A kettlebell is essentially a cannon ball with an iron suitcase handle welded onto it. It is a traditional Russian strength and conditioning tool and there have been some wild claims made about its effectiveness. Kettlebells have been described as "weightlifting time ten," and are purported to add muscle to "hard gainers" and shred fat from "hard losers." Additionally, dedicated kettlebell users have been known to complete marathons without running a single step in preparation. When I first heard these claims I thought it was just a fad, and I continued to refuse to believe the hype for another three years. When I finally did order my first kettlebell to test out the claims, I was immediately turned into a convert.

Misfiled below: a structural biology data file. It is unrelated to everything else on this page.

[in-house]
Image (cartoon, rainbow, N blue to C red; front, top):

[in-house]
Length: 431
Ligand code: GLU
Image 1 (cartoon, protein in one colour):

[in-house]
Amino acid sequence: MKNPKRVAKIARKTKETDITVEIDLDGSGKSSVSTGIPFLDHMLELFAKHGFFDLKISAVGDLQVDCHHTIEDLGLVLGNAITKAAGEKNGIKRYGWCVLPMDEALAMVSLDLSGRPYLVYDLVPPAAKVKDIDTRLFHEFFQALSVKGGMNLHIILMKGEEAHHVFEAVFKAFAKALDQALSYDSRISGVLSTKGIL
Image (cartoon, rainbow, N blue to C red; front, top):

Kettlebell exercises are divided into two different categories. Heavy kettlebells can be lifted slowly to build strength, and lighter kettlebells can be moved in various arcing patterns for ludicrously high repetitions as a way to boost cardiovascular fitness.
Any exercise that can be done with dumbbells can also be completed using kettlebells, but the same cannot be said about the reverse. Because of the shape of the kettlebell it can be swung between your legs - with no fear of having a wide dumbbell take out your knees. Furthermore, every exercise can be completed with the "cannonball" above the handle or below, effectively doubling the number of exercises that can be completed with a dumbbell before even considering the new and novel exercises that can only be performed with a kettlebell.
I won't waste my breath trying to convince you any more, since you if you are not yet intrigued by a device that is "weightlifting times ten," then nothing more I can say will interest you. Suffice it to say you owe it to yourself to check out Russian Kettlebells and see what all the hype is about.
(Even ferocious, man-eating Alpacas know the value of kettlebells, do you?)